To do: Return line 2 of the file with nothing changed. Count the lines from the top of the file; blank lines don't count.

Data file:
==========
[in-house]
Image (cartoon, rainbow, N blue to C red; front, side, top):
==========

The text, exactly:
Image (cartoon, rainbow, N blue to C red; front, side, top):